07 December 2015

Anyone Can Design A Logo // In The Studio

I remember something my driving instructor told me 15 years ago, he said that anyone can drive, but not everyone can drive well. I guess that made me want to be part of the ‘can drive well’ group. It challenged me, and driving well is something I  still take pride in today (you know, indicating at roundabouts, headlights at dawn/dusk (but I can see!), not tailgating etc.)

Now logo design isn’t driving, and you can’t learn to do it in 10 hours. But it is something that can be done well, and not so well. Anyone can type a business name into a computer and add a piece of clipart next to it. Even websites themselves can now ‘design’ a logo for you, one website for instance took just seconds to design over 250 logos! Seeing what it generated was a fun game to play, but the chance that it would produce something of value is like the chance of the UK having a summer with wall-to-wall sunshine everyday, it’s just not going to happen.

So, what should a logo be? I think that a logo needs to be three main things:

• Simple. This will help it to be instantly recognisable, which means that it is more likely to be memorable. If it’s not memorable in some way, it’s not doing it’s job.

• Appropriate. It must have a purposeful reason for it’s form, typography, and colour choices. This will help it to convey something unique about the business, or just simply help it target the right people.

• Unique. This helps your business to stand out from the crowd, so customers can easily tell you apart from other businesses. Similar to the way a person’s unique features, such as their eyes, help them to stand out.

Designing a logo is a process that asks questions. Some questions will be simple to answer, like what is it that the business does, and who are their target market? Others will be more difficult to answer as it involves more of a decision, a choice of direction has to be made, like what sort of personality does the business want to convey?

Research must be done into business competitors, this helps the designer to spot trends or potential similarities to avoid such as icons, typefaces, and colours used (after all, a logo should be unique, to help you stand out). The research should also extend into the industry itself, as ideas can often be triggered by anything from historical facts to the equipment used, or even the local geography.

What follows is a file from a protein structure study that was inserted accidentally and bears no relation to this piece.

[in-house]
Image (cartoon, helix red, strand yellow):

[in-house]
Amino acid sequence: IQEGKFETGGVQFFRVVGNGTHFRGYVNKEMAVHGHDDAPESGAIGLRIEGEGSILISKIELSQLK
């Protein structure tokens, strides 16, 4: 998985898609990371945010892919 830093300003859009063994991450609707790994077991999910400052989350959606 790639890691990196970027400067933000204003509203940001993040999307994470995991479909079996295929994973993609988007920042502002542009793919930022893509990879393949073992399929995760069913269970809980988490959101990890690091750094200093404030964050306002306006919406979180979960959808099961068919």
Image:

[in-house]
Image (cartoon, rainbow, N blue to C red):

The actual design process can only start after these initial stages, as without these stages all you can go on is a business name, which on it’s own can give very little away. Amazon for instance… rainforest management?  The logos would look a lot different if the designers hadn’t asked even the most obvious questions, or carried out the most basic research. For example, take a look at the recent 'rebrand' for Amazon, provided by an online logo design generator. I’ve made it look like a before and after slide from my favourite logo design blog Brand New, just to help highlight the difference between the original, and the ‘redesigned’ logo. The new logo is fairly simple, I'll give it that, but it certainly isn't appropriate (it was designed 'blind' after all), and unique is definitely not a word I'd use to describe it.

So, although anyone can design a logo, it does not mean that it is going to be good. Ultimately, the designers you choose to design your new logo must care about the end result, care enough to ask the right questions, and strive to craft something that leaves you, the client, happy. However, a logo cannot be called good simply because more money was spent on it, or bad because it was cheap. It is however, wise to invest in the design of your logo as it will become the cornerstone of your business, it’s most recognisable element, as your face is to you, your logo is to your business. As a general rule, you will get what you pay for, but getting a feel for a designer / studio before committing would be wise. Read about them, view past projects, see what they are saying on their social pages, and finally email or call them to double check that they live up to their perceived quality. You will then be able to sit back and enjoy the ride, as having your logo designed should be an enjoyable process to experience.

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